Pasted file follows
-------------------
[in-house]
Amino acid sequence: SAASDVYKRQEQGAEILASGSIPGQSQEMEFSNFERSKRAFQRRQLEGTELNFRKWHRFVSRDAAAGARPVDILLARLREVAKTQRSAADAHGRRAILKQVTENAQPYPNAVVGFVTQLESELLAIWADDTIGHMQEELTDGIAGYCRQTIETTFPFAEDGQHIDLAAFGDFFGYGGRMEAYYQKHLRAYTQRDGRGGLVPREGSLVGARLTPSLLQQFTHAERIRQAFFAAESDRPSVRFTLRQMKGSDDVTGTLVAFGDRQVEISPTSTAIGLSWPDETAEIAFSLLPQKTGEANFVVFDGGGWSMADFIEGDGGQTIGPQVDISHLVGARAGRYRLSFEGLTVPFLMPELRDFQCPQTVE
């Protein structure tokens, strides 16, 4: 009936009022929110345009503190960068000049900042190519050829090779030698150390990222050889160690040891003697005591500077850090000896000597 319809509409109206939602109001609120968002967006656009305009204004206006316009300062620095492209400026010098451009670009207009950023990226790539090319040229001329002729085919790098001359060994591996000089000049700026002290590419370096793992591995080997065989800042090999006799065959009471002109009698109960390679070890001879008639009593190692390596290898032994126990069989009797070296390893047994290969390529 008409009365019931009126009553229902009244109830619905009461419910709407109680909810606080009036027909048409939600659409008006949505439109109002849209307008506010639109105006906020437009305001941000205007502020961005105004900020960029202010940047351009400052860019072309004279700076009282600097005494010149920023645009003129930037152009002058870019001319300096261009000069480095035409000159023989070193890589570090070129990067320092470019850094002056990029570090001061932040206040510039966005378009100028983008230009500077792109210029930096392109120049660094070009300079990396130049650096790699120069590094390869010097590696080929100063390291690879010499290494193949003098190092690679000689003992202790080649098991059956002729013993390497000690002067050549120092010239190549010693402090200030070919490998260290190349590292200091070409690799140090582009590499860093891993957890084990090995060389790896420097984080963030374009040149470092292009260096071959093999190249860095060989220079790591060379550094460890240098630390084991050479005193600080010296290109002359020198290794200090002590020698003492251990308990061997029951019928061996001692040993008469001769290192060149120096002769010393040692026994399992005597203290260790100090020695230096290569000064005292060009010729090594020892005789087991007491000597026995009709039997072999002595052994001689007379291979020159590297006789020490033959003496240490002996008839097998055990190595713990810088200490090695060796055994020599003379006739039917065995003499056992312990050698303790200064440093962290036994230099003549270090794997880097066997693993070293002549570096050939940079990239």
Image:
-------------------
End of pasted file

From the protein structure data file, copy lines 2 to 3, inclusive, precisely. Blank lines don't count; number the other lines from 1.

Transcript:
Amino acid sequence: SAASDVYKRQEQGAEILASGSIPGQSQEMEFSNFERSKRAFQRRQLEGTELNFRKWHRFVSRDAAAGARPVDILLARLREVAKTQRSAADAHGRRAILKQVTENAQPYPNAVVGFVTQLESELLAIWADDTIGHMQEELTDGIAGYCRQTIETTFPFAEDGQHIDLAAFGDFFGYGGRMEAYYQKHLRAYTQRDGRGGLVPREGSLVGARLTPSLLQQFTHAERIRQAFFAAESDRPSVRFTLRQMKGSDDVTGTLVAFGDRQVEISPTSTAIGLSWPDETAEIAFSLLPQKTGEANFVVFDGGGWSMADFIEGDGGQTIGPQVDISHLVGARAGRYRLSFEGLTVPFLMPELRDFQCPQTVE
């Protein structure tokens, strides 16, 4: 009936009022929110345009503190960068000049900042190519050829090779030698150390990222050889160690040891003697005591500077850090000896000597 319809509409109206939602109001609120968002967006656009305009204004206006316009300062620095492209400026010098451009670009207009950023990226790539090319040229001329002729085919790098001359060994591996000089000049700026002290590419370096793992591995080997065989800042090999006799065959009471002109009698109960390679070890001879008639009593190692390596290898032994126990069989009797070296390893047994290969390529 008409009365019931009126009553229902009244109830619905009461419910709407109680909810606080009036027909048409939600659409008006949505439109109002849209307008506010639109105006906020437009305001941000205007502020961005105004900020960029202010940047351009400052860019072309004279700076009282600097005494010149920023645009003129930037152009002058870019001319300096261009000069480095035409000159023989070193890589570090070129990067320092470019850094002056990029570090001061932040206040510039966005378009100028983008230009500077792109210029930096392109120049660094070009300079990396130049650096790699120069590094390869010097590696080929100063390291690879010499290494193949003098190092690679000689003992202790080649098991059956002729013993390497000690002067050549120092010239190549010693402090200030070919490998260290190349590292200091070409690799140090582009590499860093891993957890084990090995060389790896420097984080963030374009040149470092292009260096071959093999190249860095060989220079790591060379550094460890240098630390084991050479005193600080010296290109002359020198290794200090002590020698003492251990308990061997029951019928061996001692040993008469001769290192060149120096002769010393040692026994399992005597203290260790100090020695230096290569000064005292060009010729090594020892005789087991007491000597026995009709039997072999002595052994001689007379291979020159590297006789020490033959003496240490002996008839097998055990190595713990810088200490090695060796055994020599003379006739039917065995003499056992312990050698303790200064440093962290036994230099003549270090794997880097066997693993070293002549570096050939940079990239």